Lucigenin has been widely used as a chemiluminescent substrate to monitor vascular superoxide (O*-2) formation. The validity of lucigenin for detection of O*-2 has been questioned because O*-2 is generated by lucigenin itself. It has been shown that the concentration of lucigenin is a critical parameter affecting the validity of this assay. In the present studies we evaluated a reduced concentration of lucigenin (5 microM) as a tool to quantify O*-2 production in vascular tissue. Lucigenin-induced effects on endothelial function were assessed by isometric tension recording of isolated aortic rings suspended in organ baths. The effects of lucigenin on O*-2 production were studied using spin trapping and electron spin resonance spectroscopy. Lucigenin at 250 microM but not at 5 microM caused a significant attenuation of endothelium-dependent relaxations to acetylcholine, which was prevented by pretreatment with superoxide dismutase. Spin-trapping studies revealed that lucigenin at 250 microM increased vascular O*-2 production several fold while 5 microM lucigenin did not stimulate O*-2 production. Inhibition of NO synthase by NG-momomethyl-l-arginine as well as the removal of the endothelium almost doubled lucigenin-derived chemiluminescence (LDCL), indicating that basal production of endothelium-derived NO depresses the baseline chemiluminescence signal. Thus, lucigenin at a concentration of 5 microM seems to be a sensitive and valid probe for assessing O*-2 in vascular tissue. It can also be used as an indirect probe to estimate basal vascular NO release.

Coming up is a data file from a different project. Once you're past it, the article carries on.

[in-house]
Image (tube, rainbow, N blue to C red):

Copyright 1999 Academic Press.